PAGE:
Not long after, in 2590, most of Durin’s Folk abandoned the Grey Mountains. Grór (Dáin’s third son, 2563-2805) went away with many followers to the Iron Hills; but Thrór (Dáin’s heir, born 2542) with Borin (his father’s brother, 2450-2712) and the remainder of the people returned to Erebor. To the Great Hall of Thráin, Thrór brought back the Arkenstone, and he and his folk prospered and became rich, and they had the friendship of all Men that dwelt near. For they made not only things of wonder and beauty, but weapons and armor of great worth; and there was great traffic of ore between them and their kin in the Iron Hills. Thus the Northmen who lived between Celduin (River Running) and Carnen (Redwater) became strong and drove back all enemies from the East; and the Dwarves lived in plenty, and there was feasting and song in the Halls of Erebor.

So the rumor of the wealth of Erebor spread abroad and reached the ears of the dragons, and at last Smaug the Golden, greatest of the dragons of his day, arose and, without warning, came against King Thrór in 2770 and descended on the Mountain in flames. It was not long before all that realm was destroyed, and the town of Dale near by was ruined and deserted; but Smaug entered into the Great Hall and lay there upon a bed of gold.

From the sack and the burning, many of Thrór’s kin escaped; and last of all, from the halls by a secret door, came Thrór himself and his son Thráin II (born 2644). They went away south with their family into long and homeless wandering. With them went also a small company of their kinsmen and faithful followers, among whom were the children of Thráin II: Thorin (Oakenshield, born 2746), Frerin (born 2751), and Dís (born 2760). Thorin was then a youngster in the reckoning of the Dwarves. It was afterwards learned that more of the Folk under the Mountain had escaped than was at first hoped; but most of these went to the Iron Hills.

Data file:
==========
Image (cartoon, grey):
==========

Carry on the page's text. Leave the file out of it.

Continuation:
Years afterwards, in 2790, Thrór, now old, poor, and desperate, gave to his son Thráin the one great treasure he still possessed, the last of the Seven Rings, and then he went away with one old companion only, called Nár.

Of the Ring, he said to Thráin at their parting: “This may prove the foundation of new fortune for you yet, though that seems unlikely. But it needs gold to breed gold.”

“Surely you do not think of returning to Erebor?” said Thráin.

“Not at my age,” said Thrór. “Our vengeance on Smaug I bequeath to you and your sons. But I am tired of poverty and the scorn of Men. I go to see what I can find.”

He did not say where.

He was a little crazed, perhaps with age and misfortune and long brooding on the splendor of Moria in his forefathers’ days; or the Ring, it may be, was turning to evil now that its master was awake, driving him to folly and destruction. From Dunland, where he was then dwelling, he went north with Nár, and they crossed the Redhorn Pass and came down into Azanulbizar.

When Thrór came to Moria, the Gate was open. Nár begged him to beware, but he took no heed of him, and walked proudly in as an heir that returns. But he did not come back. Nár stayed near by for many days in hiding. One day he heard a loud shout and the blare of a horn, and a body was flung out on the steps.